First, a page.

Title: Extremely Loud and Incredibly Close
Author: Jonathan Safran Foer
One of the good things in reading a book is when you don’t have any expectations at all and after you finish reading it you take a deep sigh and say to yourself, “Damn, it’s good.” You don’t read its synopsis and reviews. What you only have is people say it’s a good book. That’s it. And that’s what I have experienced with Extremely Loud & Incredibly Close. I don’t have any expectations at all. All I know is that some of my friends say that this is good. So, I read it.
At first, I thought it was about another love story. A romance. It only took me few pages to realise that this was about a boy and his father. “Okay, this is interesting,” I thought. So, I read page after page and it’s getting more and more interesting for me. Maybe just like what Ayu has written in her review of this book, “This could be one of my biased review because I’m reading this when I’m not in a right emotional state.” In my case was I was in a right emotional state. I was fine and I wasn’t in my depresive mood. But, I lost my father 58 days ago. Automatically, I relate myself to Oskar Schell, the main character. Yes, this could be one of my biased review because the same story what Oskar and I have.
Oskar lost his father in 9/11 tragedy. After he died, Oskar found a vase. Inside it there was an envelope written “Black” with a key in it. Oskar thought it should have something to do with his father. So, he decided to find this Black–whoever he or she was–and asked Black about the key. Maybe Black knew something about his father. He roamed around New York to find the Black. He had spent eight months before finally he found the right Black. And along his journey he knew who his Grandpa was. At last.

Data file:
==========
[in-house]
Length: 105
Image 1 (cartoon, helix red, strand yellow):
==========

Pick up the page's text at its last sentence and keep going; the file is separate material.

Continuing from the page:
This story was written using three viewpoints: Oskar, his grandfather, and his grandmother. For first few chapters I was confused who was telling a story. But then I was able to know who the narator was for each chapter.
I love Oskar. He was smart and was a critical boy. He’s only 9 years old and he knew already he was an atheist. Though I doubt that there was really a 9-year-old boy could think like that. I get the feeling that he got all that from his father since, I think, the two of them were very close. What Oskar and his father have, the relationship between them, reminds me of my own relationship with my father. While reading this, I couldn’t stop thinking of my father. Oskar and I have the same story. We both loved our father. We both lost someone that was dear to our hearts. We both grieved, but in different way. By roaming around New York to find the Black was Oskar’s way to grieve. He definitely took a really long time to grieve. He’s upset at his mother because he thought his mother was so quickly to be happy and find a new friend. He just didn’t know that there’s no right way to grieve.
After finish reading this, I felt pain in my old wound. It was like someone pour a salt over it. I guess my wound will never completely heal. I closed my ebook reader and whispered, “Papa, I miss you so much.”